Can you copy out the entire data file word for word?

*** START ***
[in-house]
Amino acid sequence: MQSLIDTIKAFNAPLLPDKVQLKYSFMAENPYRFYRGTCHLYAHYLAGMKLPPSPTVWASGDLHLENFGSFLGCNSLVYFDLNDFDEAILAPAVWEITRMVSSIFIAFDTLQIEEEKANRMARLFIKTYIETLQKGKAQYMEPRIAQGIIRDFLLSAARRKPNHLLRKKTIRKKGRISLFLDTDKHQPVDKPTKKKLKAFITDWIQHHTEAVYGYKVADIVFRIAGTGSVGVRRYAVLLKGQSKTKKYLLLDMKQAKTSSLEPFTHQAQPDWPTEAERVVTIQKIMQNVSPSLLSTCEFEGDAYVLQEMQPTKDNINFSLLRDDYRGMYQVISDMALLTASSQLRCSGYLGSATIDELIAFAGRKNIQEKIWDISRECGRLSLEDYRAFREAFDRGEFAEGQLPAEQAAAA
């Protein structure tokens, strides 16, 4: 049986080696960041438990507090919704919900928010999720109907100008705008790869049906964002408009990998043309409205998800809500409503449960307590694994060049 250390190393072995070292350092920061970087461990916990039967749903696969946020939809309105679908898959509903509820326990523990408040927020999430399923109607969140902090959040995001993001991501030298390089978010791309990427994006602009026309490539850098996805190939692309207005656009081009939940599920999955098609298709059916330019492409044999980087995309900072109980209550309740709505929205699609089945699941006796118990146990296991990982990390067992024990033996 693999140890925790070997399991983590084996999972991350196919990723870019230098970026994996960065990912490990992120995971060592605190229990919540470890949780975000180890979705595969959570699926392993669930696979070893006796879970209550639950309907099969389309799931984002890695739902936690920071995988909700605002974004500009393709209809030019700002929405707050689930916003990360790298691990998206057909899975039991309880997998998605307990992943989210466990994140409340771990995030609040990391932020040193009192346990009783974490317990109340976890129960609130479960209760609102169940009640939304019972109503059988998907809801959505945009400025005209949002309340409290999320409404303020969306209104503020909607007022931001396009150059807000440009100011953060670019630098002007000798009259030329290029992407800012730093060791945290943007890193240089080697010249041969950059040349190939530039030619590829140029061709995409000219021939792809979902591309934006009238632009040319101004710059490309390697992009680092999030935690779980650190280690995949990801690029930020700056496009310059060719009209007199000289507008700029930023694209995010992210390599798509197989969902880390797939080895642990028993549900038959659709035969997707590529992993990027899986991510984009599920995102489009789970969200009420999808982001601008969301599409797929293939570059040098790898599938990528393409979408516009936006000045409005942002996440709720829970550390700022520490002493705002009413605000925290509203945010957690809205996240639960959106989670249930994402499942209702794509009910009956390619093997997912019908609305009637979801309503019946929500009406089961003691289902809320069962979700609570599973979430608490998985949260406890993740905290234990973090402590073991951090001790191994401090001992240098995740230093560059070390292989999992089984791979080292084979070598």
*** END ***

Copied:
[in-house]
Amino acid sequence: MQSLIDTIKAFNAPLLPDKVQLKYSFMAENPYRFYRGTCHLYAHYLAGMKLPPSPTVWASGDLHLENFGSFLGCNSLVYFDLNDFDEAILAPAVWEITRMVSSIFIAFDTLQIEEEKANRMARLFIKTYIETLQKGKAQYMEPRIAQGIIRDFLLSAARRKPNHLLRKKTIRKKGRISLFLDTDKHQPVDKPTKKKLKAFITDWIQHHTEAVYGYKVADIVFRIAGTGSVGVRRYAVLLKGQSKTKKYLLLDMKQAKTSSLEPFTHQAQPDWPTEAERVVTIQKIMQNVSPSLLSTCEFEGDAYVLQEMQPTKDNINFSLLRDDYRGMYQVISDMALLTASSQLRCSGYLGSATIDELIAFAGRKNIQEKIWDISRECGRLSLEDYRAFREAFDRGEFAEGQLPAEQAAAA
């Protein structure tokens, strides 16, 4: 049986080696960041438990507090919704919900928010999720109907100008705008790869049906964002408009990998043309409205998800809500409503449960307590694994060049 250390190393072995070292350092920061970087461990916990039967749903696969946020939809309105679908898959509903509820326990523990408040927020999430399923109607969140902090959040995001993001991501030298390089978010791309990427994006602009026309490539850098996805190939692309207005656009081009939940599920999955098609298709059916330019492409044999980087995309900072109980209550309740709505929205699609089945699941006796118990146990296991990982990390067992024990033996 693999140890925790070997399991983590084996999972991350196919990723870019230098970026994996960065990912490990992120995971060592605190229990919540470890949780975000180890979705595969959570699926392993669930696979070893006796879970209550639950309907099969389309799931984002890695739902936690920071995988909700605002974004500009393709209809030019700002929405707050689930916003990360790298691990998206057909899975039991309880997998998605307990992943989210466990994140409340771990995030609040990391932020040193009192346990009783974490317990109340976890129960609130479960209760609102169940009640939304019972109503059988998907809801959505945009400025005209949002309340409290999320409404303020969306209104503020909607007022931001396009150059807000440009100011953060670019630098002007000798009259030329290029992407800012730093060791945290943007890193240089080697010249041969950059040349190939530039030619590829140029061709995409000219021939792809979902591309934006009238632009040319101004710059490309390697992009680092999030935690779980650190280690995949990801690029930020700056496009310059060719009209007199000289507008700029930023694209995010992210390599798509197989969902880390797939080895642990028993549900038959659709035969997707590529992993990027899986991510984009599920995102489009789970969200009420999808982001601008969301599409797929293939570059040098790898599938990528393409979408516009936006000045409005942002996440709720829970550390700022520490002493705002009413605000925290509203945010957690809205996240639960959106989670249930994402499942209702794509009910009956390619093997997912019908609305009637979801309503019946929500009406089961003691289902809320069962979700609570599973979430608490998985949260406890993740905290234990973090402590073991951090001790191994401090001992240098995740230093560059070390292989999992089984791979080292084979070598």